IMEACHTA AN CHOISTE
PROCEEDINGS OF THE COMMITTEE
Dé Céadaoin, 11 Aibreán, 1956.
Wednesday, 11th April, 1956.
1. Tionóladh an Naoú cruinniú den Choiste ar 4.30 p.m. i Seomra 106.
2. Bhí na Comhaltaí seo a leanas i láthair:—
An Ceann Comhairle (Cathaoirleach), Rúnaí Parlaiminte an Taoisigh, na Teachtai Bléine, O Beoláin, S. O Coileáin, O Dubhghaill, O Duinn, Hilliard, O Cinnéide, O Cadhain, S. O Loingsigh, O Muirgheasa, Mac Meanman, O Briain, O hEaghra, O Máille agus Pámar.
5. Gearan Pribhleide — Aiste Nuachtain.
De bhun Orduithe a rinne an Dáil an 8 Márta, 1956, scrúdaigh an Coiste an aiste a foilsíodh i Sporting Press an 23 Feabhra, 1956, faoin teideal “Parliamentary Conduct?”.
[Is mar seo a leanas a bhí an aiste:—
CARRION consuming vultures exhaust their appetites on the flesh of their victims; they leave the dried bones to the ravages of time and the weather. It seems to be the special craving only of some public men to deprive the elements of their due and to wallow in dead men’s graves, rooting for their sins. The best that can be said of such an ignoble occupation is that it always fits those engaged in it. They walk in darkness, groundlessly fearful of their own sub-normal instincts being brought home to them. They are mistaken. Leprosy of the mind is every bit as revolting as leprosy of the body, and equally consuming. It destroys without supplementary irritants. The afflicted are more pitiful than their flesh-corrupted fellow beings. Pass them quietly on the street.
But a worse tragedy cannot be passed over so lightly. A peculiar deformity of intellect on the part of some Deputies is putting our House of Parliament to shame. Every minute spent on constructive legislation invariably invites forty to sixty minutes of party politics or the release of pent up personal grievances. The wars and sacrifices that went on to the emergence of Ireland as an independent Republic after centuries of suppression aimed at a higher level of government than those altercations display. The members of Dáil Éireann were not elected to office to exploit vocabularies of invective among themselves or against the people. There is ample evidence that more attention to affairs of State, and a great deal less to buffoonery, is required before the country will be politically mature and economically sound.
As regards the Greyhound Industry Bill, it is immaterial now if the bookmakers are on strike or that the Waterford Track was licensed in favour of the late Secretary of the Irish Coursing Club instead of a member of the Government Advisory Committee. And for that matter, Clonmel had nothing to gain by agreeing to Waterford being licensed at all. It is purposeless to attempt to make it appear that wrong-doing was condoned or connived at by any member, officer or official of the Irish Coursing Club, or any of its affiliated bodies. The sowing of seeds of suspicion and veiled innuendoes are cowardly weapons for an attack on the living, or in any disturbance of the dead. That such conduct is parliamentary does not make it respectable, we prefer to let it sink to its own level of its own accord. As we have said here on another occasion, let any charges or allegations that have to be made be made in the light of day, where they can be tried in open court and not by some vicious abuse of parliamentary privilege.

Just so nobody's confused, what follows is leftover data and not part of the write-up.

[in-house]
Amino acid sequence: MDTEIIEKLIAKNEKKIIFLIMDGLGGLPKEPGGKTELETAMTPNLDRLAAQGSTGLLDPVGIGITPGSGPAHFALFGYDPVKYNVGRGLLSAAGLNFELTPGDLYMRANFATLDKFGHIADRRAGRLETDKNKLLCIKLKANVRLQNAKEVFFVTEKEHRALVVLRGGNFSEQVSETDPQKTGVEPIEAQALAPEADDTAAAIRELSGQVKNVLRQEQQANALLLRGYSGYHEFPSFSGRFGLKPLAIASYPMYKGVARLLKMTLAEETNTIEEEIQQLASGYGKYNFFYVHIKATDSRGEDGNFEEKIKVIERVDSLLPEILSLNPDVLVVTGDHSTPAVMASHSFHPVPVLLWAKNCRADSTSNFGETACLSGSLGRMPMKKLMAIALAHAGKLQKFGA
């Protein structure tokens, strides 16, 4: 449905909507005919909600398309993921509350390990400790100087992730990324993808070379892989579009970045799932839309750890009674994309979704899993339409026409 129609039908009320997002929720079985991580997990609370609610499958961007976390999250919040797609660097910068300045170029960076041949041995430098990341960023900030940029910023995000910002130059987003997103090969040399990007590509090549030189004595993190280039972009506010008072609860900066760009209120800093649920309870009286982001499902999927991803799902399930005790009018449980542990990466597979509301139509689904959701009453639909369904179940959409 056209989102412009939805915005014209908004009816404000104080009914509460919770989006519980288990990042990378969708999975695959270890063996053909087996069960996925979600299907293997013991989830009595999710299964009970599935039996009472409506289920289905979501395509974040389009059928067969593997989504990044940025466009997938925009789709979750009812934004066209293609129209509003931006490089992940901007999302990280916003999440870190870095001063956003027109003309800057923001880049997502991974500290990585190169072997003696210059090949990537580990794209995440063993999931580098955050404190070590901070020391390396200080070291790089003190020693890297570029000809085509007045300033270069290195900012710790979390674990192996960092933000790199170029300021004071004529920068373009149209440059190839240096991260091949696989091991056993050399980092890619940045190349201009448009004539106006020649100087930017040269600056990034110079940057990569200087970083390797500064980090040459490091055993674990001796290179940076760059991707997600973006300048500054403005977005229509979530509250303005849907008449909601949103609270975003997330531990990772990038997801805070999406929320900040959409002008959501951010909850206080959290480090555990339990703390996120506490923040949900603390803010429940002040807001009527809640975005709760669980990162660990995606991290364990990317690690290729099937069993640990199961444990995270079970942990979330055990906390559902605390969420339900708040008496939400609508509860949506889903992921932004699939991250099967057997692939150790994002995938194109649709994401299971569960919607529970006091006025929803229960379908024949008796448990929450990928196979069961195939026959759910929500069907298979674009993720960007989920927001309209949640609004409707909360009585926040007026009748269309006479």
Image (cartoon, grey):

If the proposed Greyhound Board is going to be purely the imbecile child of political caterwauling, let it be still-born. Take it to some quiet burial ground and let the spot blend with the soil around it to make a nameless grave. The greyhound industry has too much dignity to accept an advantage of any kind as the outcome of an unseemly brawl. It is not blind, however, to the possibility of a manoeuvre whereby people who are opposed to the Bill see their opportunity in forcing the Club to the conclusion that its passage into law runs through a sea of mud.
We have said again and again that there is much to be criticised in the proceedings that were introductory to the Bill. There are provisions in the Bill itself to which exception may be taken by one or another interested section of the industry. But in the main, it is not an unreasonable document. Considering some aspects of its origin, it is a miracle of equity. The general body of the coursing and greyhound racing fraternity want only a reasonable document. They realise that there is no such thing as a Bill that would satisfy everybody. This one is a commonsense effort. Our legislature ought to find it within their compass to deal with it objectively without recourse to the exhumation of dead men’s reputations or the sifting of mud to bespatter their living colleagues.”]
Chinn an Coiste gurbh aiste gan stuaim í nár thuill go dtabharfaí tuilleadh airde uirthi.
Dréacht-Thuarascáil le hullmhú.
9. Chuaigh an Coiste ar athló ar 5.50 p.m.